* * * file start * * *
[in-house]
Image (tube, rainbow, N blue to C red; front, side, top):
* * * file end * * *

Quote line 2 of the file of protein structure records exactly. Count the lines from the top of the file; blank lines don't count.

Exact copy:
Image (tube, rainbow, N blue to C red; front, side, top):